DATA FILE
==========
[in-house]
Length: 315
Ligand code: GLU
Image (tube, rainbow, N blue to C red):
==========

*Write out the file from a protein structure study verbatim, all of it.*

[in-house]
Length: 315
Ligand code: GLU
Image (tube, rainbow, N blue to C red):